Featured Research

from universities, journals, and other organizations

Hunt For A New Plant Hormone Points To Carotenoids

Date:
July 29, 2004
Source:
Cell Press
Summary:
In looking for clues to the identity of a mysterious new plant hormone, a research team lead by Ottoline Leyser of the University of York has come one step closer in finding a gene required for the hormone's synthesis.

In looking for clues to the identity of a mysterious new plant hormone, a research team lead by Ottoline Leyser of the University of York has come one step closer in finding a gene required for the hormone's synthesis. The biochemical activity of this synthesis protein potentially offers a significant clue to the nature of the hormone, which is thought to coordinate rates of growth between different plant tissues.

In plants, as in animals, communication between different parts of the body is vital if the left hand is to know what the right hand is doing. In animals, this is achieved by a combination of the nervous system and hormone signals. Plants don't have a nervous system, so hormonal signals have a greater role to play. Darwin was instrumental in discovering the first known plant hormone, auxin, and since then a handful of additional long-distance chemical messengers have been found in plants. This number is surely insufficient to accomplish the complex coordinated progression of a plant through its life cycle and the plant's diverse responses to changing environmental conditions. Many plant biologists therefore believe that there are more plant hormones out there waiting to be discovered.

Recent results from work on pea, petunia, and the small weed Arabidopsis have suggested the existence of one such novel plant hormone. The main role of this hormone is to regulate the degree of shoot branching. The hormone is apparently made throughout the plant, but hormone made in the roots is able to travel up the plant to influence branching in the shoot, suggesting that it may play a role in balancing root and shoot growth.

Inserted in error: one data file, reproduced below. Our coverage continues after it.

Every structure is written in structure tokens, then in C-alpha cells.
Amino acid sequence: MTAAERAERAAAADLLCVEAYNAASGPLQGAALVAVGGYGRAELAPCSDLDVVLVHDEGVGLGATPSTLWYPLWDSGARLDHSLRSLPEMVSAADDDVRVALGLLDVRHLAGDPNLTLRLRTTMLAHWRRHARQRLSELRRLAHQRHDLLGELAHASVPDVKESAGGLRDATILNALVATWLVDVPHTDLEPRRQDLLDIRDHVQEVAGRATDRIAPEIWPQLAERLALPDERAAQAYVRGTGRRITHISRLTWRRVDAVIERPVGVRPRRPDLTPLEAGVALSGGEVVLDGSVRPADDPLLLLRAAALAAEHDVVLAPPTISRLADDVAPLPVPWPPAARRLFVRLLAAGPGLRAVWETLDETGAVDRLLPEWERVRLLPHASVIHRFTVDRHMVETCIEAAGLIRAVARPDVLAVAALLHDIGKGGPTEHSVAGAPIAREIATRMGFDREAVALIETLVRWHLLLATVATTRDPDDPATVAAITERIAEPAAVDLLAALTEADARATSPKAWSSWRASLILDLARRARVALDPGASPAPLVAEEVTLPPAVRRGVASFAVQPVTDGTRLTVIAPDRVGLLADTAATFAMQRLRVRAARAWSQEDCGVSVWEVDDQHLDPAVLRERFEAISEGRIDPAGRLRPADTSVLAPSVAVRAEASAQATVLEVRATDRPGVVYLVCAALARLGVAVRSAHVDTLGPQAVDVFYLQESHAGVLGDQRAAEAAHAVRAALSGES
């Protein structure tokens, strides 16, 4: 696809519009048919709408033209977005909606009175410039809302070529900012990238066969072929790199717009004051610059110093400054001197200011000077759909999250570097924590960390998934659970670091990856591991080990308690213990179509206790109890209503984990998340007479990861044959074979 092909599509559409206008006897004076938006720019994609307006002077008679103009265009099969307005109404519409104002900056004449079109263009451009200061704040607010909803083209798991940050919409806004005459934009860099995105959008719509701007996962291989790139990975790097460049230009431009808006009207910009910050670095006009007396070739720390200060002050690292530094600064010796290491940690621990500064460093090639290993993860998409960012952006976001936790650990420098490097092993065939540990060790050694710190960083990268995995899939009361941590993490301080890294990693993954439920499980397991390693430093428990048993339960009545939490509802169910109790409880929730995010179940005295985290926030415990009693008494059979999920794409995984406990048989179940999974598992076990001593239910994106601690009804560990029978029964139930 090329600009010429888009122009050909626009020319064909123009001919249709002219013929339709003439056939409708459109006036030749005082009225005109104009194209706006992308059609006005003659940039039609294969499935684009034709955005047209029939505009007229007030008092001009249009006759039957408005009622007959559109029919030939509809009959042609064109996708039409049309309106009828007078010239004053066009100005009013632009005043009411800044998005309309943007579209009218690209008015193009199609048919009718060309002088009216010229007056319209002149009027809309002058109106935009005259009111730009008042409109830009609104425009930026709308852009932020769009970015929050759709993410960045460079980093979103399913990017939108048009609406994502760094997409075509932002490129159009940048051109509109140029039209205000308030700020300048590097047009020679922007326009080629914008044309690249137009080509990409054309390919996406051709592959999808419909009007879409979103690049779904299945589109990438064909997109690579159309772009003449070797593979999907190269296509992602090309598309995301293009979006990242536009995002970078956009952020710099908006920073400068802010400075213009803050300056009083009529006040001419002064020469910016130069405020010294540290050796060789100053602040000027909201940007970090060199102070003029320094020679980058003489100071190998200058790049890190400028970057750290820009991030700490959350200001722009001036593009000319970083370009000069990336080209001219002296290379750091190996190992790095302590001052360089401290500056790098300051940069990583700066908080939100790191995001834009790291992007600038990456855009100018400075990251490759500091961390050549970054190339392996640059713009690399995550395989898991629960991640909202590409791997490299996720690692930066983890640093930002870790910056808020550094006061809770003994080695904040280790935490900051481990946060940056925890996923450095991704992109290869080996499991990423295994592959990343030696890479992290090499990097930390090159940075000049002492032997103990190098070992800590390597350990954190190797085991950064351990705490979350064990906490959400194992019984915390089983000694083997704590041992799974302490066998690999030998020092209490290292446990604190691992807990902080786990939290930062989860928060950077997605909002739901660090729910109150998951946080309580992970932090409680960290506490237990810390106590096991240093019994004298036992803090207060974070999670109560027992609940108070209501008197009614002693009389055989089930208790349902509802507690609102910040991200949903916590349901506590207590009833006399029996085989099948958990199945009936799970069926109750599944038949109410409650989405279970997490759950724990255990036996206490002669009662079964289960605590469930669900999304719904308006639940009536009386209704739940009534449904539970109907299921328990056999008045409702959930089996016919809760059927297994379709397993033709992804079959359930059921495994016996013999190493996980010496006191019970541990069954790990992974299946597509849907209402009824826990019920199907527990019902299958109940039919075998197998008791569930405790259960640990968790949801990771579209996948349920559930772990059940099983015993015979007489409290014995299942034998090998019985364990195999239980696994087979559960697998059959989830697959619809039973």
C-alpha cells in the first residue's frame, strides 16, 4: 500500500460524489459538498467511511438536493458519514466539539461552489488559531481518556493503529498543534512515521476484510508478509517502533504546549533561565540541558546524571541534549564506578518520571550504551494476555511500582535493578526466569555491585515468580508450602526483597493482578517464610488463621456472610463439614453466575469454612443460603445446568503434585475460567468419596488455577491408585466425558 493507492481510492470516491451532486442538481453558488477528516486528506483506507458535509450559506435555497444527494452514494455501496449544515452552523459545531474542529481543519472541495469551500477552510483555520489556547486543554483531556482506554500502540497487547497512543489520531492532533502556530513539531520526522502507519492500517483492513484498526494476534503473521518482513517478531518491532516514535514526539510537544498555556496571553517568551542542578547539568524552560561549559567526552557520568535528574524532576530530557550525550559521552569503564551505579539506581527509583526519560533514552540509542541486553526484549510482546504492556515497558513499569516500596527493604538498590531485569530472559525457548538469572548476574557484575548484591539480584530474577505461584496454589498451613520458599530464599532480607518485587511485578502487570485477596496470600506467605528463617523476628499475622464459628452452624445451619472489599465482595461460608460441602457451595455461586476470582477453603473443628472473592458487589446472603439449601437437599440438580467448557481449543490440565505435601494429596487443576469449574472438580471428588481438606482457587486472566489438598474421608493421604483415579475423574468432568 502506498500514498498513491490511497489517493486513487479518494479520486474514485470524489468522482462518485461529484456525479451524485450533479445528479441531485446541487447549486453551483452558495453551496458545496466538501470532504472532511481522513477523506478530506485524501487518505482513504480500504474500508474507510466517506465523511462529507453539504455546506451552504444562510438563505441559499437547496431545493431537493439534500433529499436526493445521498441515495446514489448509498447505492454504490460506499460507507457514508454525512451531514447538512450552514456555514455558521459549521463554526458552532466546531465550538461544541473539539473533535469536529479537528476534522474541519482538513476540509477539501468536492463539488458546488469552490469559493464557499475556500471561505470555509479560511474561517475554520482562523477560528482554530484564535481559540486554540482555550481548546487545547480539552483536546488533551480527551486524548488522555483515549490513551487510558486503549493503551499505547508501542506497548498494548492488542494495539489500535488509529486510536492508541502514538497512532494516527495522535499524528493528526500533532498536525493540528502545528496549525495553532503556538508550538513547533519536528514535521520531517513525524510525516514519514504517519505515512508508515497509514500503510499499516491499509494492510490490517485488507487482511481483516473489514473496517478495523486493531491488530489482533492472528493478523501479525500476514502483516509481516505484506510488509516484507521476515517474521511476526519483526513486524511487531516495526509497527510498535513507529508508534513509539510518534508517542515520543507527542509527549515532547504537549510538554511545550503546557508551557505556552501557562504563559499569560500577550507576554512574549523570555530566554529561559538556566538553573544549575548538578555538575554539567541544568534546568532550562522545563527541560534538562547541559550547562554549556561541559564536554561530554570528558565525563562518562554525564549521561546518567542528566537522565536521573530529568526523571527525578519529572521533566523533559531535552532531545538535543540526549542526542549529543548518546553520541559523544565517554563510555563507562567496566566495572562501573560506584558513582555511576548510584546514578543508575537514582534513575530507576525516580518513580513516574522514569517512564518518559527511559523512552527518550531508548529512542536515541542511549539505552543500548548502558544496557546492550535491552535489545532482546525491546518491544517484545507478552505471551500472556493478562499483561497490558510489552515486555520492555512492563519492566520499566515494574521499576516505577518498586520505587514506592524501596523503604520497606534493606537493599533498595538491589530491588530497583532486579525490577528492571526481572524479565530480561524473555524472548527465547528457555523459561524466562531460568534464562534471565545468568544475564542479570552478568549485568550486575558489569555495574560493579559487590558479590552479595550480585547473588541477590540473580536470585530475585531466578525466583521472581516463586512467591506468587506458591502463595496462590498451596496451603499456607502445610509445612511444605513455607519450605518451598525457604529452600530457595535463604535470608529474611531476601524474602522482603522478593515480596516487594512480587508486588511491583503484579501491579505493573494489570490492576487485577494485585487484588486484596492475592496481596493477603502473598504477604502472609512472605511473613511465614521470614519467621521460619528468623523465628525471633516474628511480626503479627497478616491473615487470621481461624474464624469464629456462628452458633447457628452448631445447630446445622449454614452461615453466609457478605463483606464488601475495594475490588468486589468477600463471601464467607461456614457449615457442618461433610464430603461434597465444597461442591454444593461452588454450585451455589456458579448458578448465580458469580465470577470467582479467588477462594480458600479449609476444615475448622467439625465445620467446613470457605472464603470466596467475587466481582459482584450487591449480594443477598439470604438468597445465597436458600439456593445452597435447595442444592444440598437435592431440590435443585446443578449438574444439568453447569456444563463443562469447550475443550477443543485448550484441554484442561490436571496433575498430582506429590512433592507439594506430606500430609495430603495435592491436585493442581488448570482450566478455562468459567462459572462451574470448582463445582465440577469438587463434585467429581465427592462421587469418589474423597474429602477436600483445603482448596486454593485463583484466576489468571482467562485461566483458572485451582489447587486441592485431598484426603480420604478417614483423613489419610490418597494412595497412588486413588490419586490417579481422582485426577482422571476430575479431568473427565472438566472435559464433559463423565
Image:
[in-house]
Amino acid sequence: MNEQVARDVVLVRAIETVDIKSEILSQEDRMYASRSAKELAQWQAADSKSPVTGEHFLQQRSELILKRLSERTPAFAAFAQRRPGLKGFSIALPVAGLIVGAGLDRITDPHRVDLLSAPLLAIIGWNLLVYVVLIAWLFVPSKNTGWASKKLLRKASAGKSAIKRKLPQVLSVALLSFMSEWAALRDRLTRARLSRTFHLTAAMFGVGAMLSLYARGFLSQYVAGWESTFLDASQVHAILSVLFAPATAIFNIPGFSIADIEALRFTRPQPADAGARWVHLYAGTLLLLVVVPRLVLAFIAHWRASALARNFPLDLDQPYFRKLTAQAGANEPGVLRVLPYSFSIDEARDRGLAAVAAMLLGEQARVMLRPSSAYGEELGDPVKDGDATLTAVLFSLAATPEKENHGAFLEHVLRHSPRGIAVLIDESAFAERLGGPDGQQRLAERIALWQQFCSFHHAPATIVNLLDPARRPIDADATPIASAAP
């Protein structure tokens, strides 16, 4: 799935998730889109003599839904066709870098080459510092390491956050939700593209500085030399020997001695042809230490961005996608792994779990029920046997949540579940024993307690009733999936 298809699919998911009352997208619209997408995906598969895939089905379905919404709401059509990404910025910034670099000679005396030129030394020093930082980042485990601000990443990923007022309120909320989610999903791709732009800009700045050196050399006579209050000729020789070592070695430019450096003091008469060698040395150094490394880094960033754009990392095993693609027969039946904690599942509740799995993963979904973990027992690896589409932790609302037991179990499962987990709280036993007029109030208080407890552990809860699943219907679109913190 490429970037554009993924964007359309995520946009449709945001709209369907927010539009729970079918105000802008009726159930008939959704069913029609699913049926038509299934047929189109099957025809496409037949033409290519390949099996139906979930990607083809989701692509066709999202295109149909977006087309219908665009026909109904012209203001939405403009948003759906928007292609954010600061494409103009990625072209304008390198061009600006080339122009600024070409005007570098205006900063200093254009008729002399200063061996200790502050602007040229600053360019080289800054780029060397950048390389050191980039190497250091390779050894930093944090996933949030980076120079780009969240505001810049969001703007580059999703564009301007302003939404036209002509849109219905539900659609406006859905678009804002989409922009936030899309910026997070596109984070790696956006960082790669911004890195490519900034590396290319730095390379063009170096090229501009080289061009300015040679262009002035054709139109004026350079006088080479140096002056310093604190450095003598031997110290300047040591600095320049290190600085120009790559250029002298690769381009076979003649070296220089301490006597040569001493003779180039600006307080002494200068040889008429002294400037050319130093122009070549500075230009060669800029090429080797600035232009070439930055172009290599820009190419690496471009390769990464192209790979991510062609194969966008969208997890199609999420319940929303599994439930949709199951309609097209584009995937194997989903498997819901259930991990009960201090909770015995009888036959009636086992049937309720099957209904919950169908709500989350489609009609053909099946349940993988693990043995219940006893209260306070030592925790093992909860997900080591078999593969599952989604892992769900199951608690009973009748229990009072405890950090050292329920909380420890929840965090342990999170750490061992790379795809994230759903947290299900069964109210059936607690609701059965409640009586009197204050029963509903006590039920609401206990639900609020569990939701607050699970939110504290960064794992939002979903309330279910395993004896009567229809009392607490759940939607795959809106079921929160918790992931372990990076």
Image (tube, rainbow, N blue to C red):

In this issue of Current Biology, Ottoline Leyser and co-workers describe the identification of a gene that is essential for the synthesis of this novel hormone. The gene encodes a protein that they show can cleave carotenoids, such as the chemicals responsible for the orange pigment in carrots. This suggests that the new hormone is a carotenoid derivative, and this will help in the hunt for its identity.

###

Jonathan Booker, Michele Auldridge, Sarah Wills, Donald McCarty, Harry Klee, and Ottoline Leyser: "MAX3/CCD7 Is a Carotenoid Cleavage Dioxygenase Required for the Synthesis of a Novel Plant Signaling Molecule"

Published in Current Biology, Volume 14, Number 14, 27 July 2004, pages 1232-1238.


Story Source:

The above story is based on materials provided by Cell Press. Note: Materials may be edited for content and length.


Cite This Page:

Cell Press. "Hunt For A New Plant Hormone Points To Carotenoids." ScienceDaily. ScienceDaily, 29 July 2004. <www.sciencedaily.com/releases/2004/07/040727085832.htm>.